Tid och plats:

Onsdagen 16 mars klockan 15-16 i sal C389, Södra huset, Frescati.

Inför seminariet läser vi de två artiklarna:

Susan S Jones (2009) The development of imitation in infancy
Phil. Trans. R. Soc. B 364, 2325-2335.


An overview of existing data on imitation in infancy suggests that changes in the direction of imitation research are underway. The widely accepted view that newborn infants imitate lacks supporting evidence. Instead, existing data suggest that infants do not imitate others until their second year, and that imitation of different kinds of behaviour emerges at different ages. The evidence is consistent with a dynamic systems account in which the ability to imitate is not an inherited, specialized module, but is instead the emergent product of a system of social, cognitive and motor components, each with its own developmental history.

Susan S Jones (1996) Imitation or exploration? Young infant's matching of adults' oral gestures
Child Development 67, 1952-1969.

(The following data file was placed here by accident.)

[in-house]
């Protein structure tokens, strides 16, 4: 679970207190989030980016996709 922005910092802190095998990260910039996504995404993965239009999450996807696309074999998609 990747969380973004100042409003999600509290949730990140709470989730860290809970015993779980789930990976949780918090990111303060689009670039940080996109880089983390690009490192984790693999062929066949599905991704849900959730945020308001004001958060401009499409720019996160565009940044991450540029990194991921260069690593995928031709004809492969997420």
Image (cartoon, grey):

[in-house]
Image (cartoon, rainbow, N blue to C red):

The claim that very young infants can imitate rests largely on reports that infants match adult displays of mouth opening (MO) and tongue protrusion (TP). Recent reviews suggest that only tongue protruding is reliably matched by young infants. This study tests the proposal that infants' “imitation” of tongue protruding reflects a coincidental match between a sight that infants find interesting and a behaviour by which infants express interest. In Study 1, 4-week-old infants who looked longer at a non-social light display also produced TPs at higher rates than infants showing less interest. In Study 2, 4-week-old infants showed more interest in (looked longer at) a tongue-protruding adult face than a mouth-opening face. Study 3 tracked 2 infants' responses to interesting objects for several weeks before and after the onset of manual reaching. Both infants produced tongue protrusions in response to objects within reach before but not after reaching developed. Together, the results of the 3 studies suggest that infants' tongue protrusions in response to a tongue-protruding adult reflect very early attempts at oral exploration of interesting objects.

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